Marv Dauer hunkered down in the 19th Hole Restaurant at MountainGate Country Club at the base of the Santa Monica Mountains. The coffee shop offers sweeping views of the Sepulveda Pass, the 405 Freeway and the San Fernando Valley. But on this chilly afternoon, all the longtime Hollywood talent manager sees is his misery. Forty-eight hours earlier, the New York Times had published a report that showed how Dauer had pressed former CBS chief Leslie Moonves for jobs for clients while also helping the TV titan keep a lid on an allegation of sexual assault. Los Angeles Times

Leaked report: A draft of a report prepared for CBS’ board says Moonves obstructed the investigation into misconduct claims against him. New York Times

Plus: The role of casting directors in this scandal. The Hollywood Reporter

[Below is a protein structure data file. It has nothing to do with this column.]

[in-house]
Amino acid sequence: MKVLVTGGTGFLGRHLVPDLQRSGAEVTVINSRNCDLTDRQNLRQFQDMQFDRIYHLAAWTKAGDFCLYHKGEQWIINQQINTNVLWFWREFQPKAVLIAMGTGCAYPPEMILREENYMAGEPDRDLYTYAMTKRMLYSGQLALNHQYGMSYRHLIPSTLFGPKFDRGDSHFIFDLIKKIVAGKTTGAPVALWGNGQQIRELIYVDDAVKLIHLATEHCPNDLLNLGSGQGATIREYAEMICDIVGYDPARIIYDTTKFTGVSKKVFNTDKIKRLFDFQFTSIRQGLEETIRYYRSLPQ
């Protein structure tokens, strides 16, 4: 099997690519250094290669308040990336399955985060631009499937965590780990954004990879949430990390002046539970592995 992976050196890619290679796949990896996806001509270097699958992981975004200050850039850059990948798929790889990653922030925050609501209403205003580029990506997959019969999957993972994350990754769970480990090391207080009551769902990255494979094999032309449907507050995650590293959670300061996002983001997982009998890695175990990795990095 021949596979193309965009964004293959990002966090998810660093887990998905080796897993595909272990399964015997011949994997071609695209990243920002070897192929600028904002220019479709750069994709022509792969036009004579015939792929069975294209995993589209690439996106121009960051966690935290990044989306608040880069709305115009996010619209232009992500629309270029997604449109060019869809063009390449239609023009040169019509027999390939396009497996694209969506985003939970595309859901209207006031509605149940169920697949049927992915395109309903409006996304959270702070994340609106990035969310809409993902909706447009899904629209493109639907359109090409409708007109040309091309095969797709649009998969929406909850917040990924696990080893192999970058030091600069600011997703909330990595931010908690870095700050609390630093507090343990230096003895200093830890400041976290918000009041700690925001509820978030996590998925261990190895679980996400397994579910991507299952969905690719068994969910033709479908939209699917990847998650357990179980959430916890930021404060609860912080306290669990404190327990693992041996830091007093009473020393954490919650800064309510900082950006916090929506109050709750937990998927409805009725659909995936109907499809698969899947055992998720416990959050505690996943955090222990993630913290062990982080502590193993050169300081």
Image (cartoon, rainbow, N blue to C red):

Costly program

The controversial retirement program that pays Los Angeles police and firefighters their salaries and pensions simultaneously at the end of their careers has not been “cost neutral,” as was promised to voters when they approved it in 2001. That’s the conclusion of a study called for by Mayor Eric Garcetti and City Council members earlier this year after a Times investigation found that more than 1,200 participants who entered the Deferred Retirement Option Plan had then taken injury leaves at essentially twice their usual pay. Los Angeles Times

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USC update: Los Angeles County prosecutors have convened a grand jury to hear evidence about Dr. George Tyndall, the USC gynecologist accused of sexually abusing hundreds of patients during three decades at a campus health clinic, according to two sources familiar with the case. Los Angeles Times

Rain, rain go away: Cloudy skies and scattered showers created a mess on freeways as a low-pressure system began its trek through Southern California on Wednesday. Don’t expect it to stop today. Los Angeles Times